Call +49 2867 8088 + 8089

We are pleased to assist you!

We're open for you

Open from Monday to Saturday

Free Shipping

From within Germany from 50 €

shopping cart
cart
Your cart is empty

You have no items in your shopping cart.

Subtotal
€0.00

Welcome to our newly designed online shop! Do you have any questions, comments or suggestions? Please feel free to send us an email to info@schachversand.de.

The former web interface is still available.

Art.-No.: LODUNTNIR

The Nimzo-Indian Rubinstein

160 pages, paperback, Everyman, 1. edition 2004.

€15.50
Incl. 7% Tax, excl. Shipping Cost

The Nimzo-lndian Defence continues to be one of Black's most popular and respected defences to queen's pawn openings and finding an antidote for White has proved to be a difficult task for even the strongest players in the world. One of the most straightforward replies is the Rubinstein Variation (4 e3), in which White ignores Black's 'threats' and instead simply gets on with the process of developing his remaining pieces. This plan has found favour with many top players; indeed, World Champion Vladimir Kramnik used it to defeat Garry Kasparov in just 25 moves in their 2000 match in London.

In this book, renowned openings theoretician Angus Dunnington explains the ideas and strategies for both white and black players. All the major variations are covered and Dunnington brings the reader up-to-date with the ever developing theory.

- Written by a leading openings expert

- Full coverage of all the major variations

- Deals with one of the most fashionable lines of the Nimzo

Angus Dunnington is an experienced International Master who is renowned for his clear positional style of play. Dunnington is also a successful chess teacher, who has coached many of Britain's top junior players. Earlier works of his include Attacking with 1 d4 and Can you be a Positional Chess Genius?

1 d4 Nf6 2 c4 e6 3 Nc3 Bb4 4 e3

The Nimzo-Indian Defence is interesting in that after only three moves Black has developed two pieces whereas White has only the knight on c3 — and even this is pinned. Not surprisingly 'defence' is considered by many an inaccurate tag because a number of lines are quite aggressive, with Black fighting for the initiative from the off-set, and this explains why the Nimzo is popular at all levels.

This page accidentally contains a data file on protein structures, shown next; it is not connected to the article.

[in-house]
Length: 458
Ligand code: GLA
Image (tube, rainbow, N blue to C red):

Of course White can chicken out with 3 Nf3, but bringing out this knight first ignores the important e4-square (and the related d5) and is therefore not as taxing for Black. Moreover, there is no shortage of systems against the Nimzo (most players can expect to try out more than one line before hitting on a favourite), with 4 g3, 4 Qc2, 4 f3, 4 Bg5 and 4 e3, for example, all enjoying varying degrees of support over the years, each leading to different types of middlegame.

However, what sets 4 e3 apart from the rest is its flexibility — White is likely to play the sensible e2-e3 at some point in the early stage of the opening and doing so here leaves Black in the dark as to what piece configuration is to come. Black, for his part, is given the opportunity to steer the game some way down a direction of his own choosing. Consequently both sides tend to find themselves — more than once — being able to influence the progression of the game, and it is this fluidity that makes for an abundance of what I would call 'real' positions in which an understanding of key concepts and an appreciation of the relationship between pawns and pieces play a more significant role than is the case in some of the more well defined, restrictive opening systems such as the Stonewall Dutch or Advance French, for example.

It is a (sad) fact of chess life these days that, despite the fact that chess is a game which should essentially be fun, we know that computer databases, analysis modules, magazine articles, books and so on are part of the opponent's armoury and considered a must if any degree of competitive success is to be hoped for (and we are trying to win, after all). With this in mind I have endeavoured to provide coverage, in some detail, of what I consider to be the more important lines available to both sides. As usual I have concentrated also on important positional and structural factors as well as those themes which connect certain aspects of the opening to relevant issues in the middlegame and beyond. This is because — as those of you familiar with my other books will be well aware - I believe it is imperative that we contemplate, study and become well acquainted with the fundamentally key problem of how to play decent chess, regardless of the specific subject matter in front of us. Therefore for a 'fool-proof repertoire you should use this book in conjunction with other sources of information. White players, for instance, will not find 4...Nc6 or other lesser 4th move alternatives for Black in these pages, but I am confident that playing through the examples will set you up well for a deeper understanding of the popular, conventional situations that arise — an approach that has proved useful thus far.

Before diving in, here is a brief layout of what follows, the book being split up into three parts, dealing with 4...b6, 4...c5 and 4...0-0 (with an early ...d7-d5) respectively.